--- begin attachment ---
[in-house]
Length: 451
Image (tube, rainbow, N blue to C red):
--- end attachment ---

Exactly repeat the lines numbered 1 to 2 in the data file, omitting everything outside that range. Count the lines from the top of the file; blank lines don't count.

[in-house]
Length: 451